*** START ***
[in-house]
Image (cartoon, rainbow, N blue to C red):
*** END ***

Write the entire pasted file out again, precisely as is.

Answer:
[in-house]
Image (cartoon, rainbow, N blue to C red):